4. The commencement of the restoration from the beginning involved international relationships between the Netherlands Government and GRZ. Later other governments substantially contributed to the improvement of this GRZ owned building; in chronological order these were the governments of Norway, the Czech Republic and the USA.

Origin and History of Conflict of Occupancy
The origin of the conflict lies at the absence of a proper contract prior to the commencement of the costly restoration works at the former Beit Boarding School for Girls at Choma. This omission painfully illustrated very different interpretations of the initial arrangements by Netherlands government officials and notably several Provincial and District Education Officers.

The Netherlands government, financier of the project, assumed that the costly restoration and the services thus provided justified the free use of the southern section of the building by the project as by initial agreement and understanding. These services and benefits were and are:
  • Providing the Choma District Education Office with decent accommodation,
  • Restoring and maintaining a GRZ building and its premises that are of historical importance,
  • Offering  the general public a cultural service (the museum),  that also contributes to the tourism industry,
  • Offering the peoples of the Southern Province in particular a cultural service by creating a museum to preserve and present their cultural heritage and by developing a crafts project enabling artisans to generate income from crafts making and market their crafts worldwide.
The District Office of Education read the arrangements quite differently. The Office was poorly funded and in dire need of money. As of 1988 a whole series of requests were made to the project. The first one involved a renegotiation concerning two rooms allocated to the project but wanted by the Choma District Education Office. The project agreed for the sake of good neighbourly relations. Subsequent requests ranged from providing stationary, building materials, continued maintenance of the District Office part of the building and fencing it, to rental charges. These requests culminated in 1993 by the then Provincial Education Officer reclaiming the entire building.

The matter became an issue of the bilateral discussion between the Netherlands and Zambian governments in 1994. Dr RMA Chongwe brought the matter to the attention of then Minister of Education, the Honourable A.S. Hambaya. The Minister in his letter dated 20 March 1995, having read the report by a committee that looked into the issue, decided that the Choma Museum be offered the entire building on the condition that it would facilitate alternative accommodation for the District Office of Education. The report concluded that the Choma District Office of Education was not capable of looking after the building, whereas the Choma Museum did look after this heritage.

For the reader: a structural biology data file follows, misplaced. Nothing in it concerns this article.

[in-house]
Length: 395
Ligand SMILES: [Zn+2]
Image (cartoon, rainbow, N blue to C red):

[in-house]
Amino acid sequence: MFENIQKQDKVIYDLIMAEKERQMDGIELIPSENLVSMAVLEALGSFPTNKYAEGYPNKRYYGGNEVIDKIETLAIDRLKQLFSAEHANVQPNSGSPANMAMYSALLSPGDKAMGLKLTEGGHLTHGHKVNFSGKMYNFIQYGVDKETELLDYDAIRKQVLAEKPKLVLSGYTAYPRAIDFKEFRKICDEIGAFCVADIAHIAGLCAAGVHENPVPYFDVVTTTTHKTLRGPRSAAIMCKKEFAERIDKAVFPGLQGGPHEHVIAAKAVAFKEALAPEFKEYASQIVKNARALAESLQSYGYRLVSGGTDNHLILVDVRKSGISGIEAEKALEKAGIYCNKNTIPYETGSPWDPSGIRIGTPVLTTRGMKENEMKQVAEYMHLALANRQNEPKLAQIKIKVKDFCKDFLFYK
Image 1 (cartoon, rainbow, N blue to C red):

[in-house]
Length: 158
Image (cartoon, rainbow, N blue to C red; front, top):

The management of the Choma Museum indeed for some time pursued that course, notably by calling on the Beit Trust for assistance. This attempt, however, was not successful.

The matter remained dormant until the Acting Provincial Education Officer for Southern Province in a letter dated 4 May 2013 claimed to “repossess” the Choma Museum part of the building.

Notes to the above:

  1. My personal involvement covers the period January 1989 to November 1997. The project as of November 1997 has been managed by a Zambian Director.
  2. My stance concerning this issue is expressed in a letter dated 14 October 1992 to then Local Government Administrator Mr Matibini (now Speaker of Parliament), with copies to the relevant parties. My main point was that the District Office of Education now, after the costly restoration, should not come up with conditions which, had these been put forward at the onset, would been unacceptable for the Netherlands Government and its development organizations involved in the Museum and Crafts Project – meaning they would not have gone ahead with the financing of the restoration of the building. The inclusion of the cost of restoration of the former Beit Boarding School for Girls as part of the project budget served to secure long term accommodation for the museum.
  3. It should be borne in mind that the initial Netherlands investment in the entire building was in the order of USD 300,000 (value at the time of expenditure), that such money could pay for 6 medium-large houses and therefore would have amply sufficed to construct entirely new accommodation for the museum and crafts project.

The issue of the occupancy of what now is the Choma Museum at the former Beit Boarding School for Girls as of 1987 involved local, provincial, national and international levels.
  1. At the national level several ministries are or have been involved (Education; Works and Supply; Local Government and Housing; National Resources, Energy and Tourism and now also Chiefs and Traditional Affairs). Decisions about the accommodation of the Choma Museum should be taken at the national level involving these ministries.
  2. Relationships between GRZ and several governments are involved; all of these in the framework of international development cooperation. The moneys spent by these governments served to provide a permanent cultural service for the Zambian people and not to solve the urgent need of the Provincial Board of Education in 2013 for office space. Decisions made about the accommodation of the Choma Museum should enhance rather than damage Zambia’s image as a partner in development.
  3. The peoples of the Southern Province are and have been the special beneficiaries of the project as the project established a regional museum and crafts project. A decision to destroy their museum by depriving it of its accommodation is not going to be kindly received.
  4. A lasting, just solution must be arrived at that honours past commitments and is in the national interest.